21 Jan Blackmagic Design View behind the making of Snow Guardians
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Carson Garner / Robbie Carman
Producer & Director / Colorist
On Patrol with “Snow Guardians:” Life on Ski Patrol Caught on Film
In the autumn of 2010, documentarian Carson Garner had an idea for a ten minute short about the ski patrol in Bozeman, Montana. The Northern Rocky Mountains would provide a picturesque backdrop to a compelling story about the search and rescue teams and their work to prevent catastrophic avalanches and respond to emergencies, with seemingly unmatched bravery and passion.
Carson, better known across the Internet as “F9photo” for his documentary work, shared the concept with his thousands of followers on Twitter. The response was surprisingly enthusiastic. Carson quickly began receiving messages from cinematographers and cameramen who wanted to help out. Filmmakers such as Tyler Ginter, Jonathan Bregal and Khalid Mohtaseb from Variable, along with Vincent Laforet, all contributed time to the project. Before long, he and co producer Karl Swingle had recruited a small army of volunteers and the ten minute short evolved into a feature length film!
Even with the overwhelming generosity of friends, strangers, and corporate sponsors, it was a challenging project. In freezing temperatures, at high altitudes, a tight deadline and a small budget, the team needed equipment that could perform efficiently and inexpensively. DaVinci Resolve and HyperDeck Shuttle were two essential products used to complete the project.
DaVinci Resolve Efficiently Grades on a Tight Budget
Robbie Carman, co owner of postproduction finishing company Amigo Media, excitedly joined the project in 2012 as its colorist. As with every other aspect of the film, the deadlines were short and finances were tight. Robbie turned to DaVinci Resolve to get the job done.
First, Robbie received the cut film from the editors. The film was edited in Adobe Premier Pro using footage from various source media at different frame rates and frame sizes. In Resolve 9, selecting the “Handle mixed frame rate material” checkbox in the Master Project Settings panel allowed Robbie to painlessly conform the project.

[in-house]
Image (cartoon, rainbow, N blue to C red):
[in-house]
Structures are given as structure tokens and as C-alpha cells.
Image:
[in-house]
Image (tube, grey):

“There was a lot of snow in this movie. It’s a difficult element to grade and get the tonal ranges to match, so each scene flows seamlessly into the next,” Robbie described. By viewing the clips in Gallery mode or using a Split Screen of two shots, he could easily compare the tone of each shot. The power of multi GPU processing and the Resolve Control Surface also sped up the entire workflow, providing tactile control over every single parameter.
For the interview scenes, Robbie relied on the flexibility of Resolve’s Power Windows and tracking. By placing Power Windows in a scene, he could sharpen the features of an interviewee’s face or darken and blur a window, making the interview even more compelling.
“One of the ENG cameras was set on Auto Iris and Auto Exposure during the shoot,” said Robbie. “As the camera moves and subtle light changes happen, the exposure fluctuates. Covering the more gratuitous exposure changes with key frames in Resolve is very easy and it makes the film flow much better.”
Once he had finished the grade, Robbie used Resolve to quickly and simultaneously render out H.264 and ProRes versions of the film. “Having all the deliverables for review in one place at the same time is a huge productivity booster,” Robbie explained. “I don’t have to go back to Final Cut Pro or Premier to render out new files. By doing it all it Resolve, it’s a huge time saver.”
Getting a Secure and Inexpensive Distribution Method
“Snow Guardians” premiered to a sold out audience of 750 people at the Emerson Theater in Bozeman, Montana on December 28, 2012, and earned a standing ovation. The film is currently making its way through the festival circuit.
Carson chose to use HyperDeck Shuttles to distribute “Snow Guardians” to film festivals and other shows. During a recent showing of the film, the ease and quality of projection using the HyperDeck Shuttle received rave reviews from the technical and projection staff.
“When people want to host their own ‘Snow Guardians’ show, we simply mail them a HyperDeck Shuttle,” said Carson. “It’s so easy. We just glue an SSD with a ProRes copy of the film into the HyperDeck so no one can steal it, and then ship it in a FedEx pouch. On the day of the screening, they can connect it to any projector via SDI or HDMI and show the film in HD. For the inexpensive price point and the size, the HyperDeck was the perfect solution.”
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